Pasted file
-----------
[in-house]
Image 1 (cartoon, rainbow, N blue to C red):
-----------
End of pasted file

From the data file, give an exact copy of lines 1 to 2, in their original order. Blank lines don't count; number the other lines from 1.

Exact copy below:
[in-house]
Image 1 (cartoon, rainbow, N blue to C red):